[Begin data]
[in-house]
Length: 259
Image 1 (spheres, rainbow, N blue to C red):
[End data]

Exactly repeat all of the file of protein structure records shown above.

[in-house]
Length: 259
Image 1 (spheres, rainbow, N blue to C red):